There are always cheaper alternatives.
When you first move to a city, you don’t know where to get the good prices. Once you find those places and ask your colleagues where to go, then for sure you might think the city is much less expensive than you had originally thought. Especially if you are in a city that has a culture similar to the type of foods you like to eat. For example, if you want to buy Cranberry juice in the United States, it is going to be relatively cheap. However, cranberry juice is not a popular juice to drink in most other countries in the world, thus it is going to be much more expensive (if you are luckily to even find it). Buying the local version of the products you like will for sure be a cheaper alternative.
Taxis and transportation.
If you live in one of the most expensive cities in the world, you will most likely also be paying a lot of money for taxis and other transportation. It is especially true for cities on the list like London, Tokyo and Barcelona. However, it is not necessary true for other cities on the list like Shanghai and Beijing. Not being able to utilize taxis because of financial constraints can definitely play a factor in your decision to live in one of the most expensive cities in the world.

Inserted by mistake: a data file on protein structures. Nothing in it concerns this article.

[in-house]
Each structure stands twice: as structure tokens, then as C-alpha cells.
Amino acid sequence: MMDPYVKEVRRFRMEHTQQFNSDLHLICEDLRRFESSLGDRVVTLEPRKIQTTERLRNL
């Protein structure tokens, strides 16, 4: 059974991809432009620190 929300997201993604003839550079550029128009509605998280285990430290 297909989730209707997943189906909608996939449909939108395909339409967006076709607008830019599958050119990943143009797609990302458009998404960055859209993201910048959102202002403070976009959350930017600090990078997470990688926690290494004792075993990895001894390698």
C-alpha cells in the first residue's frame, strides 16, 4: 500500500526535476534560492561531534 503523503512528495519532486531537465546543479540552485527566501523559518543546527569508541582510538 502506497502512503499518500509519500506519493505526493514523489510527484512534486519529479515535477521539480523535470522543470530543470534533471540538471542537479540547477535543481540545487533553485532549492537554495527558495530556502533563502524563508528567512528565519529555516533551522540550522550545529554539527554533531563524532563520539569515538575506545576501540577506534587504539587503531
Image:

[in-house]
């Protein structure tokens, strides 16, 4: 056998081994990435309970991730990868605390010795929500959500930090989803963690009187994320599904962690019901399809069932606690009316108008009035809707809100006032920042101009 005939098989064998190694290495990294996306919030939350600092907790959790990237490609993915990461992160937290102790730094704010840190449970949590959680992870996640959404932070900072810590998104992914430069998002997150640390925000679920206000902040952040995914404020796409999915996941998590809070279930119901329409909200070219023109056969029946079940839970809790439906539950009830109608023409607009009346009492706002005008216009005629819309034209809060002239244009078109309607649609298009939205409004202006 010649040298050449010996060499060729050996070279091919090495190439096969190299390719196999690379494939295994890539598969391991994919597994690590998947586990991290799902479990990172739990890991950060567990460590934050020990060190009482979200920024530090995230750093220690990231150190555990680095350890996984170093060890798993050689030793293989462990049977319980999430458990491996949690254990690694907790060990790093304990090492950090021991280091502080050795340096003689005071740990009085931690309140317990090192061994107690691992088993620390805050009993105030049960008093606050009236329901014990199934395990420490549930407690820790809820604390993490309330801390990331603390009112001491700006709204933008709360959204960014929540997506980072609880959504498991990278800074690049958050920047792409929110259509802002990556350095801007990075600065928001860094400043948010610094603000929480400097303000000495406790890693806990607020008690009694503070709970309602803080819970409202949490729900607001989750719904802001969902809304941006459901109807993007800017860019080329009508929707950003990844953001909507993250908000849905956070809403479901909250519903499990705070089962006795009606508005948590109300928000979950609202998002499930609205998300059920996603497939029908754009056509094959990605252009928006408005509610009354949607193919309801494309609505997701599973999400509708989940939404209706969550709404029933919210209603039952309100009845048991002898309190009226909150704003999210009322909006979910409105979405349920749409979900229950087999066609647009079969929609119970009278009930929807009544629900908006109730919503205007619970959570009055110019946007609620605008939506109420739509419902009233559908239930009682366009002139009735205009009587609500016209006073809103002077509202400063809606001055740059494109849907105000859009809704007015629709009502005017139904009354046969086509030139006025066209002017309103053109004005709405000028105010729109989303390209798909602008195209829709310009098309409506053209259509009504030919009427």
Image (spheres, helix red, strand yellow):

There are so many factors that come into play when you decide whether a city is going to be too expensive for you. It is difficult to get a good idea of how that will effect your decision to move there before you are actually living there. I interviewed with a school in Singapore and they were really adamant about getting me to realize beforehand how expensive it was to live there. It was difficult for me to fully understand their concerns (after looking at their salary and benefits) without actually having experienced the high cost firsthand. Luckily, International School Community is now here to help international educators. We have specifically designed our school profile pages to include questions about everything related to money, benefits and the many facets of the cost of living. With new comments being submitted every week, International School Community is certainly the website to find out important information about many international schools around the world!continue reading